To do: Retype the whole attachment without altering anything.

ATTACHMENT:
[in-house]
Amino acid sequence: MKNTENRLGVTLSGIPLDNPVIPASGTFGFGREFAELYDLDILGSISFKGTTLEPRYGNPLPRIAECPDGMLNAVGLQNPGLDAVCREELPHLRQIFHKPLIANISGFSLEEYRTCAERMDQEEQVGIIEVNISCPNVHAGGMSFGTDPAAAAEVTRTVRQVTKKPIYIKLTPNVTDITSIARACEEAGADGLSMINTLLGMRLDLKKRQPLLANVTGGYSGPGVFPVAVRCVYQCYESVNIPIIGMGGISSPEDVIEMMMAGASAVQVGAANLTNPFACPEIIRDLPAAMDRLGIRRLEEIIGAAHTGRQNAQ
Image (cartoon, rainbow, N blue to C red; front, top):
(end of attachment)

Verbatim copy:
[in-house]
Amino acid sequence: MKNTENRLGVTLSGIPLDNPVIPASGTFGFGREFAELYDLDILGSISFKGTTLEPRYGNPLPRIAECPDGMLNAVGLQNPGLDAVCREELPHLRQIFHKPLIANISGFSLEEYRTCAERMDQEEQVGIIEVNISCPNVHAGGMSFGTDPAAAAEVTRTVRQVTKKPIYIKLTPNVTDITSIARACEEAGADGLSMINTLLGMRLDLKKRQPLLANVTGGYSGPGVFPVAVRCVYQCYESVNIPIIGMGGISSPEDVIEMMMAGASAVQVGAANLTNPFACPEIIRDLPAAMDRLGIRRLEEIIGAAHTGRQNAQ
Image (cartoon, rainbow, N blue to C red; front, top):